Crawford and Hamilton to go along with Longoria, Upton and Jennings? That helps, that's for sure. The rotation is exactly the same -- and that's a good thing. You've also got Moore sitting there. The starters are an embarrassment of riches. It's one of the main reasons the Rays can still compete in the AL East with a smaller payroll.

What's Not?

The bottom half of the lineup isn't great -- especially with Johnson at short. But there's enough help at the top of the lineup to make up for the bottom. The bench isn't deep defensively, but it's the American League so you don't need quite as much as you do in the National League. The bullpen isn't full of experienced relievers, but there are some quality arms that can switch from starting to relieving.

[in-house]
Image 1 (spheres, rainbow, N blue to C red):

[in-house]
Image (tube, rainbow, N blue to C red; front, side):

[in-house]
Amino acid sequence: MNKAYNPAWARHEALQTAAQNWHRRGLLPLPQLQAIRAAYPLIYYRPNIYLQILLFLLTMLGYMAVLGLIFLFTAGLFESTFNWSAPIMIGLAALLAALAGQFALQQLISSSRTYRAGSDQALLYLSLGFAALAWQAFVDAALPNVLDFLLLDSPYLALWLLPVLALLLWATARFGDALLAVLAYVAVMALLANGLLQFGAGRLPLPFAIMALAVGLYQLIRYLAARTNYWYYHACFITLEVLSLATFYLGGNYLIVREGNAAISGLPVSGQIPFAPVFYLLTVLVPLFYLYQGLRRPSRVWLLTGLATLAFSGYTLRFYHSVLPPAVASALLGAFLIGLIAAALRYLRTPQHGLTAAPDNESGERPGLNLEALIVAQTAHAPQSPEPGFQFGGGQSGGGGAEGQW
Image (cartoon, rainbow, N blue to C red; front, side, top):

Comparison to real 2011

The same pitching staff plus Crawford and Hamilton make up for losing some of its Frankenstein bullpen and Johnny Damon. I put Hamilton at DH to try to save some wear and tear on his body, he can still play in the field every once in a while and give Jennings a day off and have someone like Young DH. Or Young can play in the outfield. The bullpen might be the most interesting question, but I think the offense and the starting pitching are enough to improve, if slightly, on the team's 91-71 finish.

Next: Philadelphia Phillies

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Posted on: May 20, 2011 5:16 pm
 

On Deck: Interleague's best


By C. Trent Rosecrans


A little something different today for on-deck, with interleague play starting, here are the top three interleague matchups on tap this weekend. But what's really different is this ranking of the top three is done not by hype or television market or geography, nope, it's done by good ol' fashion numbers -- combined winning percentage.